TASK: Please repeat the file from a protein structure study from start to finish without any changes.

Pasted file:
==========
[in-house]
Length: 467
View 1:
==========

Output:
[in-house]
Length: 467
View 1: